While some languages do align well with different kinds of development (mobile developers tend to use Java and game designers often use C++) this doesn’t necessarily mean you need to learn this language to work in this area. Many places will happily take on a developer with experience in a different language from the one they use so long as they show a thirst to learn. You can also start by learning JavaScript and Python and move onto Java later when you are more confident. Most developers have fluency in a few languages and knowing a little of one can help you understand the limitations and benefits of another. What’s more, since most languages use similar building blocks and concepts, you knowledge of one language will almost certainly help you pick up your second.

My advice to new developers is always to pick a loosely-typed, syntax-light language like Python or Ruby first. From there, you could move into Java or C++ if you are interested in working in mobile or hardware/games. Of course, by all means jump into any other language that interests you. What’s important to realise is that languages are merely tools that engineers use - they do not define us. Being able to pick up and learn new languages and tools will make you much more successful as a dev than any specific language you know.

Get to know other devs

The best thing you can do as a self-taught dev is to get to know other devs working in the industry. They will not only provide you a looking glass into the world of the dev (what tools they use, what their day looks like, what kinds of businesses and products exist) but if you’re lucky they may mentor you, or in future, even give you a job.

When I was learning to code, I spent a lot of time on my own nutting out problems that could have been solved in minutes if I had asked an experienced dev. In some ways I’m glad for the resilience this gave me and the deep understanding of the tools, but I also feel I could have learned so much faster if I had been less afraid to ask for help.

Luckily one of my close friends lived with a developer who I would talk from time to time. He took an active interest in my learning and would often give me little tidbits of knowledge that helped me along the way. In particular our conversations helped me to build the language of a dev. I began to find help online more successfully since I now knew the terminology that other devs used. Eventually, he recruited me into the company he worked for and we worked alongside each other for years. Getting to know him was definitely the best thing that happened for my career.

If you don’t know any devs, then search for a meetup in your local area. There’s usually a number of groups in each city covering a range of different interests. People are always happy for new-comers, even if they have no experience in the subject. If you follow what interest you then you and bring passion and enthusiasm to what you do, then the people you meet will be more than happy to help you along the way.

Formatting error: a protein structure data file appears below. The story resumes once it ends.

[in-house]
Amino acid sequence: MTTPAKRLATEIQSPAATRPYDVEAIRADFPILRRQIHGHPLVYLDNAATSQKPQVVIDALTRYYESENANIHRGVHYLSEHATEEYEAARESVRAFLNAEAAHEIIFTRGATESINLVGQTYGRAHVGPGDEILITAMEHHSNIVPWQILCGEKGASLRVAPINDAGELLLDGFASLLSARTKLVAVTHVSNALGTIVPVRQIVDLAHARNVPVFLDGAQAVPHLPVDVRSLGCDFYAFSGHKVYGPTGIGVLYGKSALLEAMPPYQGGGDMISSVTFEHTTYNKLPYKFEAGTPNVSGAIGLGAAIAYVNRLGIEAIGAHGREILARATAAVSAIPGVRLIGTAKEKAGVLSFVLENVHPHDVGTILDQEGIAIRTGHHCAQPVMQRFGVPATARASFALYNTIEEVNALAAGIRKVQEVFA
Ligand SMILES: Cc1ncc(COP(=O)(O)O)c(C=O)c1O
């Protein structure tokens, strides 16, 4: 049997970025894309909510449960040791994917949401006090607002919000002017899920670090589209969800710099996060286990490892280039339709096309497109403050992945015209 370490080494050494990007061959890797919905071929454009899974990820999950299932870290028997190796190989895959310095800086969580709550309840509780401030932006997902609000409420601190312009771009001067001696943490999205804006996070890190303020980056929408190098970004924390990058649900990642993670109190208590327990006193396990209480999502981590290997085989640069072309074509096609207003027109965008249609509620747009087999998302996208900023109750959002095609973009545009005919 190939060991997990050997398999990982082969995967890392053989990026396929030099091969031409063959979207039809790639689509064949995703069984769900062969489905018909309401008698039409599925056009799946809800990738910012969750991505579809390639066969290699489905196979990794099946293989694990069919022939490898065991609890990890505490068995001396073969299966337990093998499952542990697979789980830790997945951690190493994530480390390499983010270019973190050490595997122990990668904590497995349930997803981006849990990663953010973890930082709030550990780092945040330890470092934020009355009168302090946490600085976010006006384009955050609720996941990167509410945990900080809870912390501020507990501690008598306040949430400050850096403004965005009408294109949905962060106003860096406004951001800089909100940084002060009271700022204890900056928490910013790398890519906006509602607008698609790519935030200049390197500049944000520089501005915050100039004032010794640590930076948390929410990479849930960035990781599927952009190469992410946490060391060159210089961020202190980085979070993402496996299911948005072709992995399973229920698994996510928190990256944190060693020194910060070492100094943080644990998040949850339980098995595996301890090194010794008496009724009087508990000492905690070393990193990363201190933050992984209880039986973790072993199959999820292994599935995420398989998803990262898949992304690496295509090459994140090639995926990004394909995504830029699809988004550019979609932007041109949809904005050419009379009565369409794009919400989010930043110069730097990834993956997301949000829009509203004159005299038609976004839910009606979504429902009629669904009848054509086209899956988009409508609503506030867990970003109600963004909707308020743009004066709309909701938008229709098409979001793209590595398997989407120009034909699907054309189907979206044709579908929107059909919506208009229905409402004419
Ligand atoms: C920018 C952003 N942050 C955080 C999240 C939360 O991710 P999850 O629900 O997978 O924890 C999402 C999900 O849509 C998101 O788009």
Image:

Embrace the confusion

Learning a new language, framework, or tool is often extremely difficult and confusing and when you are doing it without support of a structured programme or teacher it can be hard to know whether you’ll ever understand. From my experience, what makes a person successful is the ability to sit in that feeling of confusion for as long as they need to figure things out.

I used to work with a woman who was incredibly smart. She easily had the ability to pick up the tools and languages that I had taught myself. But she was used to being the top of the class and every time she tried something new she expected to be good at it straight away. If she didn’t understand it she would become flustered, fearing - I think - that she would reveal an underlying secret that she was not good enough. We all know what that’s like, and I think self-taught devs are always going to deal with impostor syndrome from time to time.

But remember: this stuff is hard. It takes very intelligent people years to master it and many of those who seem like they can do it with ease have been learning since they were children. Feeling confused by something is not proof that you are stupid but that you are challenging yourself. And how do we get better at things? By never being afraid to take on our next challenge.

So embrace the confusion. Tell yourself that you are brave. Remind yourself of times when you found the things you now know difficult to understand. Because the confusion will never go. You will always be taking on new challenges if you want to work in software.

And there you have it, my four tips to becoming a self-taught dev. There will probably be more things I will think of in future but for now I think that these cover the basics pretty well. I wish you luck on your journey and hope that you will write a similar post for other self-taught devs one day.